what's all this mean? got me, but i think that maybe i'll go riding today.

Friday, December 11, 2009


"you can't fail
if you don't try"
squaw valley

Thursday, December 10, 2009

change of seasons

I learned last week that my readership is up to a whopping 7 people (Thanx Jeff!) and figured I'd better post at least little something to keep ya'll amused, entertained or just help to fill your day of surfing the web while at work.

For the latest riding conditions, click here. The last precip we got came in the form of snow and made its presents felt all the way into the depths of Sacramento! One "somewhat reliable source" was reporting 6-8" of the white stuff in Auburn!! Don't kill the messenger, but it just might be time to pack the bikes away..... at least for a little while.

On the flipside, the skiing is ON! Scary coverage, but plenty available to the cautious skier. Seriously, be careful out there boys and girls. I've been out sliding around the past three days and can tell you that if you're one of those "I don't wanna scratch my skis" kind of people, you're a storm or two away from getting after it. On the other hand, if you're not afraid to grab a P-tex candle and do a little base repair (or you work in a ski shop) there are goods to be had. Squaw has a superfragilisticexpialidociously small amount of terrain open for the time being, but with the current weather that's being forecast (snow Thurs night thru Sat) things will be opening up at the speed of an apre' ride 6 pack. Backcountry conditions on Mt Rose were thin, but there are turns to be had as of Wed the 9th. Again, be careful out there. I think most of us encountered at least a couple of rocks each.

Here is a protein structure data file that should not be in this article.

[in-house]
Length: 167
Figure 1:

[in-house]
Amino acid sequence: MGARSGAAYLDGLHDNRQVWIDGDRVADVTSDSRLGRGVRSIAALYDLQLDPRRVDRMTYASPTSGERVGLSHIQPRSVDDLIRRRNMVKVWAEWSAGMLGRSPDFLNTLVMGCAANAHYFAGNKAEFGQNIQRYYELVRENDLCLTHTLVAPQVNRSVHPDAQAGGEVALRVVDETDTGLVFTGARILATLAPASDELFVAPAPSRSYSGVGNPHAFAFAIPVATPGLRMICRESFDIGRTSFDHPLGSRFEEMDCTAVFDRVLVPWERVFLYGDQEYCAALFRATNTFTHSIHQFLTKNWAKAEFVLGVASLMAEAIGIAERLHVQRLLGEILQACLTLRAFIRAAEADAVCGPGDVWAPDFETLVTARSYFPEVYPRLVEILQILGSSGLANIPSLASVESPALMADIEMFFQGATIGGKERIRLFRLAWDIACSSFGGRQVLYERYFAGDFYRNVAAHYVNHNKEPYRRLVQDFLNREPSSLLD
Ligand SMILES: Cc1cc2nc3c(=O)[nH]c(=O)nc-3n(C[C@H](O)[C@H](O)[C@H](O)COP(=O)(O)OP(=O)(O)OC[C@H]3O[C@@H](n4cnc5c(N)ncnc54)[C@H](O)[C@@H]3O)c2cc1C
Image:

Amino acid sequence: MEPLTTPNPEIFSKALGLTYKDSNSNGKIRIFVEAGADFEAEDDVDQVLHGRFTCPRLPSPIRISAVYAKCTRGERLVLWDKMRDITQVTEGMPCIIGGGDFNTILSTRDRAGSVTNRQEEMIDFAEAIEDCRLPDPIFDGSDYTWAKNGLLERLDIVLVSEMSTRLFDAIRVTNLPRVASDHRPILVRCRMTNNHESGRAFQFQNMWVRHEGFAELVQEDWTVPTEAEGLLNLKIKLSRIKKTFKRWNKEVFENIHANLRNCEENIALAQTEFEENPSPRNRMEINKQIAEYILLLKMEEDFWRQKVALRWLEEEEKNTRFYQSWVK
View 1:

Tuesday, December 1, 2009


I know the skiing die hards will scoff at this post, but the skiing conditions right now are about as much fun as riding a downhill bike on a century ride. People, now's the time when you should be taking advantage of the riding in the foothills with warmer temps and trail conditions that we dream of having all summer long.

For mountain biking, look no further than this website for proper guidance. It will give you plenty of options to keep you busy until the snow gets here for real. I stumbled across this site 9 years ago and it's kept me busy ever since. The Nevada City area is probably my favorite. Ride the Pioneer Trail above Whitecloud campground for the best stuff. Careful with snow levels, it's about 4,500ft on this section of the trail, so you might get skunked. As of this post, things are a go all along the ridge.

Got a hankerin' to get out the road bike? Then you simply must check out the Sacramento bikeway. Don't blow this off as another cluttered bike path full of baby strollers and clueless people in your way. You can actually do a metric century down there with NO CARS for the entire day and I know you think I'm crazy, but people actually DO walk on the left and ride on the right... just like you wish they'd do on the path in Tahoe City. Think of it as single track for your road bike. Try this for maps.